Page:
The Waveless Hull - History to be rewritten
Three years of uninterrupted research
For ages the common knowledge has been to to keep wetted surface low in order to get a really fast displacement boat. This lead to the construction of the "parabolic" hulls like used in the "V"-series.
This all could all change with the invention of the "Waveless" hull. The name is a bit misleading, as it is the only thing remaining from project with what all of it started - the wave interference hull. This project had the goal to create a half-glider which could be powered by human power while it is still scientific consens, that human power is not sufficient to sustain gliding speeds.
I always believed that there has to be a way how it is possible to create a human powered half-glider despite all technical problems and in the end I proved to be right.
How it works
Parabolic hulls with a semi-circular cross-section are a requirement which resulted from minimizing the wetted surface of a boat. Olympic single row sculls are the crown of optimization and feature an area of 2.1m² at an unpractical length of 7.8m. The "Waveless" hull originated from the idea to use a thicker aft section of the hull in order to reduce surface at the penalty of higher wave drag. In the end a product came out, which features up to 19% reduction in surface and ~30% in length while keeping resistance the same. If compared to shorter hulls than 7.8m, there even is a significant advance in the required power.
The reason for it to work with the relatively low human power is, that the hull creates no dynamic lift. This is the effect which is responsible for gliders to work, but it causes an effect of "going up a hill" which results in a high power consumption. The "Waveless" hull divides the upcoming water smoothly instead and and keeps a near laminar flow until it nearly arrives at the stern. There, a slight suction is created to help the laminar flow while recuperating some of the pressure in the water.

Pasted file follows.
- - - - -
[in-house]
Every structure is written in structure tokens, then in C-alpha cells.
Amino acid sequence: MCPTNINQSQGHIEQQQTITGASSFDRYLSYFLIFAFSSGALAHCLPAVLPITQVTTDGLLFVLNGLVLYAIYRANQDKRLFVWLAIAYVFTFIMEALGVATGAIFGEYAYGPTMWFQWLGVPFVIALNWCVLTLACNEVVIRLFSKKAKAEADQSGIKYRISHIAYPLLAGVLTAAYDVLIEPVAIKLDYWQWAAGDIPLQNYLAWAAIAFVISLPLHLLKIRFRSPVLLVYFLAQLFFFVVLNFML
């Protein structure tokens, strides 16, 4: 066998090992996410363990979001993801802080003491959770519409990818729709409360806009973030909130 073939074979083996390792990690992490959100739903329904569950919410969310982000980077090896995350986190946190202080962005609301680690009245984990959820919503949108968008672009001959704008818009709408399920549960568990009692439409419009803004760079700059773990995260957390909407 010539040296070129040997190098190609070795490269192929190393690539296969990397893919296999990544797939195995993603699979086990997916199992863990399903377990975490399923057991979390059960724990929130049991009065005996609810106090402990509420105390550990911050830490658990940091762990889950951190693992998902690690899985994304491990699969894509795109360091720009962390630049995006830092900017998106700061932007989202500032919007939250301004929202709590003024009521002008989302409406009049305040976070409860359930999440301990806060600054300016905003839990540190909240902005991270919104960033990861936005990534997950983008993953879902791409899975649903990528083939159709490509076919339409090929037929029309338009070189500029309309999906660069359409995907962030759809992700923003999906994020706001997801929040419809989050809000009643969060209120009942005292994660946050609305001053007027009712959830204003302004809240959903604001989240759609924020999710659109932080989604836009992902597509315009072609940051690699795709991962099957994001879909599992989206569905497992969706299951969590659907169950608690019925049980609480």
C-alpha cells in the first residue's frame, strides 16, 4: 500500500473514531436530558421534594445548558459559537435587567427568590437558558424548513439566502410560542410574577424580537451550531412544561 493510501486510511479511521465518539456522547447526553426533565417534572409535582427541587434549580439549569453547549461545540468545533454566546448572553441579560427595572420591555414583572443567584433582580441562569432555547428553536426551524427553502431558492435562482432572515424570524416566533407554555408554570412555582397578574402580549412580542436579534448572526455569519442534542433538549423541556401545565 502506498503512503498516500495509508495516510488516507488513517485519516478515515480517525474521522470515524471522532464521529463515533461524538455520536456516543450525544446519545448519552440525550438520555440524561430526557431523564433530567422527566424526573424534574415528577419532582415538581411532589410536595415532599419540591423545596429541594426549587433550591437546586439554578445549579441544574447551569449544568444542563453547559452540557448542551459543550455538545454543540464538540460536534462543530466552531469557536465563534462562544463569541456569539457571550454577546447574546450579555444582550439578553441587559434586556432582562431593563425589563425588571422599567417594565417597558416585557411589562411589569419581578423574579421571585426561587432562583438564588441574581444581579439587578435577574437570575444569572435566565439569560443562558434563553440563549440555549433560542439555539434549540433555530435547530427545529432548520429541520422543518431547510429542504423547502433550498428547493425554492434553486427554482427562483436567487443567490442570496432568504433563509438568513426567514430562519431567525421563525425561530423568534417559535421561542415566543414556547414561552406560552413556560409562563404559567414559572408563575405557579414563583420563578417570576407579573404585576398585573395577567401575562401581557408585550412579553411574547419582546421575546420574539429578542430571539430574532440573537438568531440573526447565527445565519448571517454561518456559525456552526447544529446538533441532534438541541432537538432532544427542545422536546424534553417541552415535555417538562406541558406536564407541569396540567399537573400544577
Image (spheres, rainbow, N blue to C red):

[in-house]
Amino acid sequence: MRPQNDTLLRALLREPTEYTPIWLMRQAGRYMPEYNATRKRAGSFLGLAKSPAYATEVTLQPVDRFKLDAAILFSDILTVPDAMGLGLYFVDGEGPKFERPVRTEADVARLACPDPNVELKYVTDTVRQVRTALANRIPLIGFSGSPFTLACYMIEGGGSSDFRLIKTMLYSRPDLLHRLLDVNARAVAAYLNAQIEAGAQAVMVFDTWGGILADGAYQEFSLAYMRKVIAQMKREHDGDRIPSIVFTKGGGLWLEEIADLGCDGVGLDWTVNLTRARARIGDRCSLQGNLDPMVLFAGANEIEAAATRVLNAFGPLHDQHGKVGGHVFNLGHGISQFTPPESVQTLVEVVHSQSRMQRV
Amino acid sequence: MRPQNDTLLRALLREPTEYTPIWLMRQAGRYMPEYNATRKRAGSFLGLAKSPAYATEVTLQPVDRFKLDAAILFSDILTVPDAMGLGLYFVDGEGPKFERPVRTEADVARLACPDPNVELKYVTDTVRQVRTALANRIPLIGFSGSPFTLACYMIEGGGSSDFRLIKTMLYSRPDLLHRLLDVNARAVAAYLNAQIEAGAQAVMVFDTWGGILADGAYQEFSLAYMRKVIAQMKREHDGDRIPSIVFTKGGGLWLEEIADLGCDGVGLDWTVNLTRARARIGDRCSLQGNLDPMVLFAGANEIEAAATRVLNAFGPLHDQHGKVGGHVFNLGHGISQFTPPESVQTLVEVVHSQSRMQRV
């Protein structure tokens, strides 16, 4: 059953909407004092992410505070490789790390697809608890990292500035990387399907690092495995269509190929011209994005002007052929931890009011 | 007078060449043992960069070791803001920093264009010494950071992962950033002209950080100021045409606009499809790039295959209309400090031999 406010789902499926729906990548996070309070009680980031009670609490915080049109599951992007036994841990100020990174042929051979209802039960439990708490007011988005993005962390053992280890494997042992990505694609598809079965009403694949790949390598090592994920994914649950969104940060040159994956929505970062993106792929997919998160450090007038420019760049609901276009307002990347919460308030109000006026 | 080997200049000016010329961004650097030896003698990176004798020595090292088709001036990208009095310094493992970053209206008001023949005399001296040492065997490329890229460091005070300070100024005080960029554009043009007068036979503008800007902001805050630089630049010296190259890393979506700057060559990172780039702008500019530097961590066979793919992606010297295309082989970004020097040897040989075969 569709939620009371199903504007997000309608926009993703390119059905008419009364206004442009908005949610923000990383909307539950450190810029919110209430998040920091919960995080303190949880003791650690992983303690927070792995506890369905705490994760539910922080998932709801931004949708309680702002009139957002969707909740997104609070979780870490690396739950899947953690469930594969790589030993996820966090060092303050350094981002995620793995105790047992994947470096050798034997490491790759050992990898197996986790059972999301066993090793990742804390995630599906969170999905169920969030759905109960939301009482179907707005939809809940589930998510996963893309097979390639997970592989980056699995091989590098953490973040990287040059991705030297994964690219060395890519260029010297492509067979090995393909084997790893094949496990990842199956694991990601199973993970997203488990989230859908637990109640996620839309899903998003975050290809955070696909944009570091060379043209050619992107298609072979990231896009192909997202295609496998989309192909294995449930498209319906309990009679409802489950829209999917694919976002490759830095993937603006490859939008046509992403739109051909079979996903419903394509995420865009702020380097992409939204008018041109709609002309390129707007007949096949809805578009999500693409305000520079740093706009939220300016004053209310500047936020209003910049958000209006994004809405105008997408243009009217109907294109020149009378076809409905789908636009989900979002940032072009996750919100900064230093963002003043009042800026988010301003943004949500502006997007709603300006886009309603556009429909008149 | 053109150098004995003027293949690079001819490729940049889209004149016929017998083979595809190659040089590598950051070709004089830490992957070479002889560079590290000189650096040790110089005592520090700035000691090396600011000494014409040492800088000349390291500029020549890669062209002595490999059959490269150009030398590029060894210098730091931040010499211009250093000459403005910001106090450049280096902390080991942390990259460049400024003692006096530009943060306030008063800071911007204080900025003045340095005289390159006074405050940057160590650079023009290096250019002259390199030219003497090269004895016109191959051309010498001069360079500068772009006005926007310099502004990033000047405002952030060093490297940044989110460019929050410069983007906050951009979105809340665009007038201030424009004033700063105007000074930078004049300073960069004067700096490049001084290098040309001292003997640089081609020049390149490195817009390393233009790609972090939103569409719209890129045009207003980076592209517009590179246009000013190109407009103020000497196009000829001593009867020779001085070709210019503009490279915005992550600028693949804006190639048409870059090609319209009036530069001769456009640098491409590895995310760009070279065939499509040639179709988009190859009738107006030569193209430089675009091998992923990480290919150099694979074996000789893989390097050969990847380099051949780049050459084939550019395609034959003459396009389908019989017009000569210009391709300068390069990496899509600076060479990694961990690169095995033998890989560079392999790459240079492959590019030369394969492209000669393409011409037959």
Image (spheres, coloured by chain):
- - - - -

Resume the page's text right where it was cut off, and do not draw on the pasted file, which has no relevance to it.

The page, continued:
Although the hull can be built in all sizes ranging from 3.5-6.3m (based on 100kg displacement) there are plans to have following hulls readily available:
- 2x50kg Cat (4.15m) --> 440 Watt @ 5m/s
- 100kg Stab. Monohull (5m) --> 360 Watt @ 5m/s
Both hulls are designed to be cruisable all day at 3 m/s by any average cyclist.
If you plan to build hulls on your own, there is a mathematical formula by which the hull can be calculated for any specific purpose (length and weight scaleable).
Who is the designer?
I am Andreas Schönwälder MSc, age 31, from Vienna. I am an engineer for safety relevant electronic systems in the automotive sector. Apart from that, I also work as a commercial pilot and theoretic instructor for future airline pilots. My obsession for boats stems from a homebuilt "Seggerling", surely one of the best sailboats for two persons in the world.
A relative of mine asked me, if I could build a pedal boat faster than the commercial ones, but still so small and light, that his smallest child could handle it alone. At first it seemed impossible, but progressing with time it seems more and more likely.
If you are interested in this project and want to contact Andreas Schönwälder (designer) please tell us.
Our boat is faster than mine.